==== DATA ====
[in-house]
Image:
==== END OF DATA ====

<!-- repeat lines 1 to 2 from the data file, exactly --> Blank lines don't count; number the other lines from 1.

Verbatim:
[in-house]
Image: